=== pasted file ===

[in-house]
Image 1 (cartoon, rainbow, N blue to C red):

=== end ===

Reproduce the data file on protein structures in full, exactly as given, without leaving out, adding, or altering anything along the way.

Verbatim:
[in-house]
Image 1 (cartoon, rainbow, N blue to C red):